Novel, Low-Cost Solid Membrane Water Electrolyzer

Award Information
Agency: Department of Energy
Branch: N/A
Contract: DE-FG02-04ER83968
Agency Tracking Number: 75057S04-I
Amount: $749,998.00
Phase: Phase II
Program: SBIR
Awards Year: 2005
Solicitation Year: 2004
Solicitation Topic Code: 39 d
Solicitation Number: DOE/SC-0072
Small Business Information
89 Rumford Avenue, Newton, MA, 02466
DUNS: N/A
HUBZone Owned: N
Woman Owned: N
Socially and Economically Disadvantaged: Y
Principal Investigator
 John Kosek
 Dr.
 (781) 529-0505
 jkosek@ginerinc.com
Business Contact
 Anthony LaConti
Title: Dr.
Phone: (781) 529-0501
Email: alaconti@ginerinc.com
Research Institution
N/A
Abstract
75057S Transforming the United States from a fossil-fuel base economy to a ¿hydrogen economy¿ will require cost-effective methods for manufacturing and delivering hydrogen. The electrochemical dissociation of water into elemental hydrogen and oxygen is a well known and widely practiced means of generating hydrogen. However, commercially available water electrolysis technologies are capital-cost intensive, leading to a high hydrogen costs. This project will develop a Solid Membrane Alkaline Electrolyzer system, based on a unique solid alkaline membrane, which is expected to provide high-current-density, high-differential-pressure electrolyzer operation. Phase I demonstrated the concept of the solid alkaline membrane electrolyzer. Cells were operated at high current density and differential pressure, producing hydrogen at greater than 85% voltage efficiency. A preliminary system design was generated. Phase II will identify corrosion resistant components, scale-up both the active area and the number of cells, and fabricate a full-size stack. A complete system design will be prepared, and an economic analysis will be conducted. The program will culminate in the operation of the full-size stack from a solar power source. Commercial Applications and Other Benefits as described by the awardee: The hydrogen generation system should find use in hydrogen-fueled vehicles (both fuel cell and internal combustion-hydrogen), as part of a home-based hydrogen generator, in a bulk hydrogen generator for electric utility applications, and for on-board transportation power applications. Small hydrogen generators also could replace cylinders for the supply hydrogen gas for analytical instrumentation.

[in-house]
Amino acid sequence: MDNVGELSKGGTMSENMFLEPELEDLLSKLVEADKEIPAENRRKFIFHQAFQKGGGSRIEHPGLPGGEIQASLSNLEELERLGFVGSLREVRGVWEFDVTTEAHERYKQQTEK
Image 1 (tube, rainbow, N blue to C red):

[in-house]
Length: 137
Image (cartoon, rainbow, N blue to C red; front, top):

* Information listed above is at the time of submission. *

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